I took a crack at predicting how many wins the Bucks will produce next season based on the events of the last month. The win estimates are based on each player’s past production, their playing time averages and trends, and some assumptions that I discuss below.
At this point my rough estimate is that the Bucks will end up in the neighborhood of 46.4 wins. First the forecasted wins and losses, then some of the built-in assumptions. (Let me add that I don’t think the Bucks roster is finalized):
2010-11 Bucks: An Early Guess
1. Andrew Bogut…8.7 wins and 1.7 losses
2. John Salmons…7.3 wins and 4.2 losses
3. Brandon Jennings…6.1 wins and 5.3 losses
4. Carlos Delfino…4.7 wins and 2.9 losses
5. Corey Maggette…4.7 wins and 4.2 losses
6. Drew Gooden…4.5 wins and 5.2 losses
7. Ersan Ilyasova…3.9 wins and 2.3 losses
8. Luc Richard Mbahmoute…3.1 wins and 2.7 losses
9. Chris DouglasRoberts…2.0 wins and 3.6 losses
10. Larry Sanders…0.9 wins and 1.4 losses
11. Darrington Hobson…0.5 wins and 1.3 losses
ASSUMPTIONS BEHIND THE ESTIMATE
1. Jennings will get a little better
I think Brandon Jennings will improve from last season. The one area Jennings was outplayed last season was scoring effectiveness. That’s because he simply could not hit two point shots, especially at the rim. Why do I think he will improve on that? I have no justification, I just think he will. I also think his assist total will go up, helping his win production.
2. Ilyasova will, too
I don’t know what to do as far as Ilyasova’s playing time. I have it declining, but if Gooden falters, Ilyasova should be able to step in. Either way, I really think Ersan Ilyasova will continue to improve his productivity in the second season of his second Bucks stint. First, he shouldn’t have to play any center. Playing center depressed his numbers. Second, he will cut down on his fouls, which also sapped his win production.
3. Maggette will play around average
Corey Maggette’s win production has been in decline over the last four seasons, as I outlined on the day the Bucks acquired him. My gut tells me that he will be able to arrest that decline and turn his production slightly back above the .500% mark, but not quite up to his average over the last four seasons (.575%). He’s getting old, and older players traditionally decline.
4. Moute’s playing time will be reduced
This assumption doesn’t make that big a difference, but I think Moute will be the odd man out. However, if and when the Bucks defense falters, Skiles will go to him. So that makes his playing time pretty hard to guage.
5. Gooden will play to his three season, six team median
From what I saw in my brief analysis of his last three seasons, Drew Gooden is a pretty volatile win producer. He’s had about six separate partial season stints in the last three seasons, and he’s generally been all over the board, primarily because he is not a very efficient scorer. The average PF/C produces +1.70 points above scoring possessions used for every 48 minutes of action, Gooden only produces +0.44, so his scoring defense needs to be strong for him to be effective. Last season in both LA with the Clippers and Dallas he played about .500% basketball with each team. I have him slightly less than that. He could be better, he could be worse. That’s probably why he gets traded so often.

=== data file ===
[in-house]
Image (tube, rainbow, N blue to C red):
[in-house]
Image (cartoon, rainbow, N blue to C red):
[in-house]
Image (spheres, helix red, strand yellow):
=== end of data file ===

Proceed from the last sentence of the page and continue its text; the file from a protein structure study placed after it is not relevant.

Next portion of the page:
6. Salmons will be good, but not as good
As I documented, in his short spring stint John Salmons outproduced his career numbers fairly substantially. In fact, he did much better with the Bucks than he did during the rest of last season with the Bulls. And he’s on the wrong side of 30, which is bad news for perimeter players. But through my Green and Cardinal glasses I say he will split the difference between his Bulls and Bucks stints and play to his MWS48 for the entire season (+0.75). Its actually not that dangerous an assumption, because his three season median is +0.23, so he may get back to the level I project.
7. CDR will be bad, but not as bad
God help us, CDR better not be as bad next season as he was last season with the Nets. I don’t think he will be quite that bad. One gets the impression from some of his comments that his heart just wasn’t in it last season. I think Skiles will make sure that either his heart will be in each Bucks game, or else his body will not be. I also am assuming he will play some point guard, along with another surprise (and probably temporary) candidate for backup PG minutes…
8. Hobson will see 3rd string time at PG
If Darrington Hobson can cover the position, his college numbers suggest PG is where he is best suited. Or rather, “point forward”. He is a playmaker and not a scorer. His instinct is to pass. In that sense I’ve compared him to another former Bucks lefthander, Jerry Ice Reynolds. Reynolds was a much better finisher, though, and thus a much better win producer than I think Hobson will ever be.
I reserve the right to amend this prediction as events require. And of course its always contingent upon health, which as Bucks fans know is dicey. But last season I did pretty well (I predicted 40.9 wins when the consensus had the Bucks below the Nets — I can’t link to it because my old site “got exploded” but here was the original link chart. As you can see, I was wrong all over the place, but the wrongs tended to cancel out, just as they did the previous season when I had the Bucks winning 31.2 games, which was within three wins).